Massachusetts Daily Collegian

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A free and responsible press serving the UMass community since 1890

Massachusetts Daily Collegian

A free and responsible press serving the UMass community since 1890

Massachusetts Daily Collegian

Sanctum: Cameron’s cave dive


With a marketing campaign resting heavily on James Cameron’s insignia, “Sanctum” has a lot to live up to. The name-dropping is misleading, however, as Cameron is executive producer and Alister Grierson directs the film. From the early sweeping shots of a helicopter flying over the rain forests of Papua, New Guinea en route to the deepest cave on Earth, “Sanctum” resonates with the familiar epic cadence Cameron’s narratives are apt at tapping into.

In Grierson’s sophomore film, preceded by 2006’s “Kokoda,” he finds the subject for this 3D thriller in a fictional underwater cave system, shot on location in Queensland, Australia. Defined by Webster’s as both a sacred place and a place where one is free from intrusion, “Sanctum” is ripe with religious imagery and allegory. From the religious fanaticism these divers steadfastly hold in cave diving to the naming of the crew’s initial underwater discovery as St. Jude’s Cathedral, their thirst for exploration comes to supersede their instincts for survival.

Josh (Rhys Wakefield), more a climber at heart than a diver, follows his father Frank (Richard Roxburgh) on his many cave explorations around the world, despite their strained and hostile relationship. Frank’s hard-nosed, unyielding personality stands at odds with Josh’s emotional and strong-willed persistence. Nevertheless, they come to rely on each other as they trek through the interminable cavern, cyclone rains pouring in.  Father and son come to recognize their similarities, and the instincts Josh has inherited.

The diver’s live by what seems like a heartless code. In this sacred cavern two kilometers beneath the surface of the Earth, nothing is as it seems, all dignity is lost. No one is more taken aback by this than Josh, but as the push to find an escape grinds on, the others grow weary as well. Everything changes in the cave and in this adventure. If there’s one mask and two people, one person lives and one person dies. Two members won’t be lost, with acts of heroism becoming acts of recklessness and negligence, putting everyone’s lives  at risk. From Baptismal drownings of wounded divers to the choices of one life over another, the audience is converted to the coldhearted mindset the cave teaches.

The cave can be acknowledged as another member of the cast in this movie, with its ominous lessons, forbearing sounds and sanctimonious lurching, the cast refers to it as if it were alive. “She goes,” the characters say throughout the film, which is to say that a certain tunnel is worth exploring, a throughway and not a dead end.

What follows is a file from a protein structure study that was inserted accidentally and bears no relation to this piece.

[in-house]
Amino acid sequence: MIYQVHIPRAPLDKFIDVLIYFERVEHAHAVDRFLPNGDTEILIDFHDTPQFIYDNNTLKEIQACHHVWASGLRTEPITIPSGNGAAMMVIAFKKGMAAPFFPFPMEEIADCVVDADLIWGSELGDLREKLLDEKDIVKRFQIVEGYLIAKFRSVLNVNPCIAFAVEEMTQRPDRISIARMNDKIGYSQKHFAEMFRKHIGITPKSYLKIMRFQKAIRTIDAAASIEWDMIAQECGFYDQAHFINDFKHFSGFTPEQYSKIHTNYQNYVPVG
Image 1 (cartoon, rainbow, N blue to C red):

The cave “feels” and the cave “understands,” Frank pronounces to the weary and the weak of heart. Frank’s determination and drive, once admirable to his colleagues becomes his pitfall as his actions and motives continually put their lives on the line in the name of exploration. “Down here I can make sense of this. It’s like my church. I can hold a mirror up and see who I am,” Frank explains to his son.

Cameron himself has become somewhat of an underwater aficionado in recent years, directing the documentaries “Expedition: Bismark” and “Ghosts of the Abyss 3D” in 2002 and 2003, respectively. “Sanctum” reflects this, with the National Geographic feel of the film akin to “Avatar” or even “Jurassic Park.” In an interview with Australia’s “Sunday Times,” Cameron stated his intention to film scenes for the “Avatar” sequel at the bottom of the Mariana Trench, the deepest part of the world’s oceans. “Sanctum” in large part feels like somewhat of a trial run for that lofty endeavor. Cameron also explains that “Avatar 2” will largely focus on the oceans of Pandora.

If the fear of drowning makes you squeamish, you’re better off avoiding this one, as this fear understandably looms overhead throughout the movie. The gore for the most part is kept at bay, with one minor scalping and a couple mutilated bodies. The score, from Australia’s David Hirshelder will do well to keep you in it, rounding out the orchestral pieces with eerie and original world music.

Brian Canova can be reached at [email protected].

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  • B

    BrianFeb 27, 2011 at 1:38 pm

    I’m sure it should, but how annoying would that get for 90 minutes

  • P

    pilotHansFeb 23, 2011 at 9:31 pm

    watching this movie yes..the view was awesome..but shouldn’t a cave a sound/rebound when se shout or something